The operation of the FIG. 2 embodiment of the invention will now be explained. The most significant bit reference ladder 1 and least significant bit reference ladder 2 provide the reference voltages by the voltage division of inner resistors to MUX 1 for the reference voltage of the next comparison. The most significant bit reference, signal is a finite quantization of the comparing reference and the least significant bit reference signal is the requantized signal in reference to the most significant bit reference signal.(For example, in decimal numbers, when the most significant reference signals correspond to 10, 20, 30 . . . , the least significant reference signals are 1, 2, 3 . . .). The MUX 1 transmits the most significant bit reference ladder 1 and the least significant bit reference ladder 2 to the 4-bit all-parallel ADC 3 as the control unit 15 provides H-level and L-level clock signals, respectively. The MUX 2, to which the same clock signal of control unit 15 is applied, transmits analog input signal VIN, and the output signal subtracter 5, which is the difference signal of the analog input signal VIN and output signal of 4-bit DAC 6, to all-parallel ADC 3. Therefore, the analog input signal VIN and the reference voltages of the most and least significant bit reference ladders 1, 2 are compared together in inner comparators of 4-bit all-parallel ADC 3 according to the clock of control unit 15. First, analog input signal VIN and a most significant bit reference signal are compared and the resulting output is provided to DEMUX. The first compared signal of the 4-bit all-parallel ADC 3 is fedback to the 4-bit DAC 6 and converted to an analog input signal to subtracter 5 to provide the next comparing signal.
That is, the difference signal of analog input signal VIN and the first comparing signal, which is the analog output signal of subtracter 5, is fed into the 4-bit all-parallel ADC 3 through MUX 2 for the second comparison, and it is compared with the reference voltage of the least significant reference ladder propagating through MUX 1. The result is provided to DEMUX. DEMUX sends the digital signal, which is compared with the most significant bit signal, to the most significant output latch 11, and also sends the digital signal, which is compared with the least significant bit signal, to the least significant output latch 12 to provide the 8-bit digital output. The latch keeps the output until the next input signal is applied.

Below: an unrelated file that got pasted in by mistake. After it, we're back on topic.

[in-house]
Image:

Although the basic operating principle of the invention is the same as that of the half-parallel ADC of FIG. 1, the principles of the present invention permit simplification of circuit by using only one 4-bit all-parallel ADC 3. This simplification is made possible by using the multiplexer to send the most significant 4-bit reference voltage and the analog input signal for the determination of the most significant 4-bit, and the least significant 4-bit reference voltage and the difference signal of the analog input signal VIN and analog output of DAC 6 of the most significant 4-bit for the determination of the least significant 4-bit, to the 4-bit all-parallel ADC. The output of the 4-bit all-parallel ADC is provided to DEMUX and its output is transmitted to the most significant 4-bit output latch and the least significant 4-bit output latch to provide the 8-bit digital signal.
Even if the circuit of the invention comprising MUX 1, MUX 2 and DEMUX seems to be complicated in comparison to the conventional half-parallel ADC, it is possible to decrease the chip size and to enhance the performance because the number of the comparators and decoding logic circuits, which are the elements which consume the chip area cause much of the, power dissipation and most (namely about 70 percent) of the input load effect, decrease by half.
A 16-bit output ADC of the invention in FIG. 3, which would be impossible to implement by conventional all-parallel ADC because it would need 216 -1(65535) comparators, can be implemented easily. Although the outputs are 16-bits as shown in FIG. 3, it is possible to reduce the number of comparators by using only one 4-bit all-parallel ADC 3. In this case, most significant reference signal can be obtained by the most significant reference ladders 21, 22, and least significant reference signal can be obtained by the least significant reference ladders 23, 24. These reference signals are controlled by control unit 15 to compare them with analog input signal VIN through MUX 1 and MUX 2 sequentially. The next comparing signals fedback to the 4-bit- DAC 6 are provided to 4-bit all-parallel ADC 3 through subtracters 5, 5', 5" sequentially. The resulting MSB and LSB outputs are provided as 16-bit digital data signal through DEMUX In addition, for the implementation of 12-bit ADC, 3×4 bit or 2×6 bit-type can be selected being based on the consideration of chip size and conversion speed.